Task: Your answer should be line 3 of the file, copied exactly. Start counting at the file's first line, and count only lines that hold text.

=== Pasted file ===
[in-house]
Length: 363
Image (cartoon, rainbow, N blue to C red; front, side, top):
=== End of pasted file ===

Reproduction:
Image (cartoon, rainbow, N blue to C red; front, side, top):